Push for stronger beer goes flat after House committee guts bill

Stock image | Photo courtesy of Pixabay, St. George News

ST. GEORGE — A bill proposing to drop 3.2 percent beer in favor of 4.8 percent brews has gone flat after being gutted Wednesday by a House committee.

The original version of Senate Bill 132, which would allow stronger beers to be sold in grocery and convenience stores, was replaced with a measure that creates a task force to study the issue.

The bill’s sponsor, Sen. Jerry Stevenson, R-Layton, was not pleased.

At the beginning of the committee hearing, Stevenson said he had concerns over SB 132 making it to the House floor after it was assigned to the Health and Human Services Committee instead of the Business and Labor Committee where liquor bills are usually sent.

“This is a commerce bill and I find it interesting it’s in this committee,” he said, adding that, knowing the makeup of the committee, he didn’t expect the bill to survive. He went a step further and asked the committee to not waste time deliberating the matter if they’re primary intent was to destroy it.

Beer at a grocery store stock image | Photo by Woodkern/iStock/Getty Images Plus, St. George News

“This bill, I believe, was sent to this committee for one reason, and that was to kill the bill,” Stevenson said.

Rep. Brad Daw, R-Orem, moved that the committee adjourn the meeting but was overruled.

Stevenson’s push to drop 3.2 beer for 4.8 is due to major beer manufacturers phasing out the lower alcohol brew because of the dwindling demand.

A number of states have passed more lenient laws allowing beer with higher alcohol content to be sold in grocery and convenience stores, which has greatly lessened the demand for 3.2 beer.

Utah is one of the last holdouts that has 3.2 beer, Stevenson said. Since the state is on the lower end of beer consumption overall, the major brewers like Anheuser-Busch and MillerCoors aren’t exactly seeing a benefit in producing beer for a shrinking market.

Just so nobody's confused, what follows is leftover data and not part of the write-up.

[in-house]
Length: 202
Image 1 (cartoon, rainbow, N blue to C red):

Read more: Senate passes bill that ditches 3.2 percent beer for stronger brews

This has led to some 3.2 products already beginning to disappear from grocery and convenience store shelves while also impacting consumer choice in beer selection.

Beer in a supermarket, Salt Lake City, Utah, undated. | File photo courtesy of Ben Winslow, Fox13now.com, St. George News

David Hancock, vice president and general counsel for Maverik Inc., told the committee that the company stands to lose over $2.5 million in beer sales and over $5 million in combined sales if SB 132 is not passed.

Both Hancock and Stevenson have previously stated in a Senate committee hearing and on the floor that dwindling beer sales will hurt grocers and convenience stores, particularly in rural areas. Walmart and other large grocery chains are supporting the effort to raise the alcohol limits as well.

However, the House committee chose to substitute the original bill with a “beer task force” that would study the issue and report its findings to the Legislature at a later date.

This move relegates SB 132 to a slow death, Stevenson said.

“I’d rather have it quick,” he said.

Stevenson, though, also said he’s not giving up on getting the bill changed back to its original form, which has already overwhelmingly passed the Senate.

The Border Store on North State Street began selling beer in May after liquor licensing was approved, Hildale, Utah, July 25, 2018 | File photo by Cody Blowers, St. George News

“I don’t think this will be done until the last night of the session,” he said.

During the public input portion of the hearing, opponents to Stevenson’s bill said it would add to alcohol abuse, teenage consumption and other alcohol-related societal ills.

It is because of those issues that Daw said he wanted a task force to study the impacts of making stronger beers available outside of state-controlled liquor stores.

“I think we sent a pretty unambiguous message of where we’re at,” Daw said. “I’m very uncomfortable about making that kind of policy just because it gives somebody more money.”

Smaller, Utah-based brewers are split on Stevenson’s bill. While some support raising the alcohol content, others argue it favors the mega-brewers over smaller ones like them.

The Associated Press contributed to this story.

Read more: See all St. George News reports and opinions on Utah Legislature 2019 issues


Email: mkessler@stgnews.com

Twitter: @MoriKessler

Copyright St. George News, SaintGeorgeUtah.com LLC, 2019, all rights reserved.

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